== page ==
Archive issues

Author: Roman Husarski    |   Pages: 66–83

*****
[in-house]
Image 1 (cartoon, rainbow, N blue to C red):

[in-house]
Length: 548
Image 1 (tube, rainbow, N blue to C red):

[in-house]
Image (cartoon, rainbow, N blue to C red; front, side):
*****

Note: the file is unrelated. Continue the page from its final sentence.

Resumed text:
Perception of Burmese Buddhism by the Western world since 1988 has been largely associated with pacifism and democracy through the leader of the opposition and the Nobel Peace Prize winner Aung San Suu Kyi. However, the current Rohingya refugee crisis is changing that positive perception. The aim of the following presentation is to analyze the contemporary conflict between Muslims and Buddhist nationalists in Burma. To get a deeper understanding of the problem, it is essential to connect it with Burma’s pre-colonial and colonial past as well as the country’s ethnic diversity. Radicalization of the attitudes of Theravada Buddhists and the rise of xenophobic sentiments in Burma are connected with Burmese national identity, which is largely based on ethnicity and tends to exclude the rest, including Muslims. However, due to historical, cultural and cosmological differences, Islam especially is a target. The aim of the paper is to explain why Myanmar’s Islamophobia has its roots in Buddhist nationalism and why opposition to Islam is a part of it.


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